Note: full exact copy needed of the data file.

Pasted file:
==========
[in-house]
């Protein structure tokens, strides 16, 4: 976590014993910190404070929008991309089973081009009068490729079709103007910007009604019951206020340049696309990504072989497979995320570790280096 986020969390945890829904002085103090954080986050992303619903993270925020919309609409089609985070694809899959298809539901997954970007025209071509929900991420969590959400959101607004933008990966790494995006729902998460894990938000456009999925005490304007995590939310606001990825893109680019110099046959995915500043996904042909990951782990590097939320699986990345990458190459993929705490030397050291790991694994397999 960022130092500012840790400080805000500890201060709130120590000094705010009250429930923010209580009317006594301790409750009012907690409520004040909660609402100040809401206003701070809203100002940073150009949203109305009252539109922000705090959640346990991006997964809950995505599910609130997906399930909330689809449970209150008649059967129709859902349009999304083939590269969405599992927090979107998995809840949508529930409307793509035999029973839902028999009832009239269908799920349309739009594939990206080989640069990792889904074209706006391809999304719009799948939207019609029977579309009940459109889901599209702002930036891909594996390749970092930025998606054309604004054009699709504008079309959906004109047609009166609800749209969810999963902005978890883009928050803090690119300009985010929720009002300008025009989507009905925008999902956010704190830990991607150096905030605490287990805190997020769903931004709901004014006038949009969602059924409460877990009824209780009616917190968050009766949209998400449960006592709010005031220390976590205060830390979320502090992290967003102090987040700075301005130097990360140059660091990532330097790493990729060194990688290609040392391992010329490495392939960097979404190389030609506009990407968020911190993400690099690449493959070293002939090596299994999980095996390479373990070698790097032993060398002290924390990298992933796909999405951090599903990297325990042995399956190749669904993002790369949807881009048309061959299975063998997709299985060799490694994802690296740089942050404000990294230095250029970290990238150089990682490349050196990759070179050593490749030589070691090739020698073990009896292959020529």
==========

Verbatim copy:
[in-house]
């Protein structure tokens, strides 16, 4: 976590014993910190404070929008991309089973081009009068490729079709103007910007009604019951206020340049696309990504072989497979995320570790280096 986020969390945890829904002085103090954080986050992303619903993270925020919309609409089609985070694809899959298809539901997954970007025209071509929900991420969590959400959101607004933008990966790494995006729902998460894990938000456009999925005490304007995590939310606001990825893109680019110099046959995915500043996904042909990951782990590097939320699986990345990458190459993929705490030397050291790991694994397999 960022130092500012840790400080805000500890201060709130120590000094705010009250429930923010209580009317006594301790409750009012907690409520004040909660609402100040809401206003701070809203100002940073150009949203109305009252539109922000705090959640346990991006997964809950995505599910609130997906399930909330689809449970209150008649059967129709859902349009999304083939590269969405599992927090979107998995809840949508529930409307793509035999029973839902028999009832009239269908799920349309739009594939990206080989640069990792889904074209706006391809999304719009799948939207019609029977579309009940459109889901599209702002930036891909594996390749970092930025998606054309604004054009699709504008079309959906004109047609009166609800749209969810999963902005978890883009928050803090690119300009985010929720009002300008025009989507009905925008999902956010704190830990991607150096905030605490287990805190997020769903931004709901004014006038949009969602059924409460877990009824209780009616917190968050009766949209998400449960006592709010005031220390976590205060830390979320502090992290967003102090987040700075301005130097990360140059660091990532330097790493990729060194990688290609040392391992010329490495392939960097979404190389030609506009990407968020911190993400690099690449493959070293002939090596299994999980095996390479373990070698790097032993060398002290924390990298992933796909999405951090599903990297325990042995399956190749669904993002790369949807881009048309061959299975063998997709299985060799490694994802690296740089942050404000990294230095250029970290990238150089990682490349050196990759070179050593490749030589070691090739020698073990009896292959020529």